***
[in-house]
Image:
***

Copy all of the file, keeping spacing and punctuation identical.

[in-house]
Image: